Cracking the mystery of the avian egg shape

To unravel the mystery of egg shape, an international team of researchers used a multi-step, multidisciplinary process and applied tools from many fields of science and mathematics.

June 27, 2017 21:59
3 minute read.
bird eggs avian shape

BIRDS TEND to lay more asymmetric and more elliptical eggs if they are better fliers. Size aside, can you guess which of these came from a quail, a chicken and an ostrich. (photo credit: Wikimedia Commons)


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Which came first, birds’ ability to fly or the shape of their eggs?

In fact, the shape of eggs – from ellipses in hummingbirds, spheres in owls, pointy ovoids in shorebirds and almost everything in between – has been found to be determined by flight ability, and it may be the egg’s soft membrane that determines the hard shell’s shape. That is the surprising finding of a new study in the journal Science.

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According to the research, in which an Israeli researcher participated, egg shape in birds is related to adaptations for efficient flight, and a mechanistic model reveals how different egg shapes may be formed.

Avian egg shape has fascinated humans for millennia – even Aristotle wrote about it – but until now, there has been no answer to the simple question of why did different egg shapes evolved and how.

Dr. Derya Akkaynak of the University of Haifa and Interuniversity Institute of Marine Sciences in Eilat was a member of the team that was headed by Dr. Mary Caswell Stoddard of Princeton University and included Dr. Joseph Tobias of Imperial College London, Dr. L. Mahadevan of Harvard University, Dr. Ee Hou Yong of Nanyang Technological University and Dr. Catherine Sheard of the University of Bristol.

“In contrast to classic hypotheses, we discovered that flight may influence egg shape. Birds that are good fliers tend to lay asymmetric or elliptical eggs,” said Stoddard.  “In addition, we propose that the stretchy egg membrane, not the hard shell, is responsible for generating the diversity of egg shapes we see in nature.”

To unravel the mystery of egg shape, an international team of researchers used a multi-step, multidisciplinary process and applied tools from computer science, comparative biology, mathematics and biophysics. First, the team used photographs to analyze the shapes of nearly 50,000 eggs representing 1,400 species. The eggs came from across the globe and were largely collected by naturalists in the late 19th and early 20th centuries.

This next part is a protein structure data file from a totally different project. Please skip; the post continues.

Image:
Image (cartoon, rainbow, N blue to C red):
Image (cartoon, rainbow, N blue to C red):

By combining the power of high-throughput digital image analysis with the wealth of data in the museum egg collection, the team was able to map the world of egg shapes. The team then developed a biophysical model to explain how processes in the bird’s oviduct might generate different egg shapes. They started with the simple observation that an egg’s shape is not determined by the shell; dissolve away the calcified shell, and the shell-less, membrane-encased egg still retains its shape.

“By adjusting two basic properties – changes in the thickness of the egg membrane as a function of location, and a pressure jump across the membrane – we show that our model can produce a wide variety of egg shapes, encompassing the entire range of observations,” said Mahadevan.

The team used an evolutionary framework to test hypotheses about egg shape. Using a recently constructed phylogeny, or family tree, of birds, the researchers compared egg shapes across different bird lineages. In this analysis, they included details about nest type and location, clutch size, diet and flight ability. “Variation across species in the size and shape of their eggs is not simply random but is instead related to differences in ecology, particularly the extent to which each species is designed for strong and streamlined flight,” said Tobias.

The analysis revealed that birds tend to lay eggs that are more asymmetric and more elliptical if they are better fliers. The researchers suggest that as birds’ bodies became adapted for powered flight, this resulted in morphological changes like reduced body size and a reduced abdominal cavity.

Birds may then have had a packaging problem, needing to fit a large volume into an egg (for healthy chick development) while still maintaining a sleek body for flight. They likely solved this by laying eggs that were pointier and more elliptical, which increases egg volume without increasing the egg’s maximum width. The discovery that morphological constraints associated with flight may contribute to egg shape challenges the conventional wisdom that egg shape is largely influenced by clutch size or nest location.

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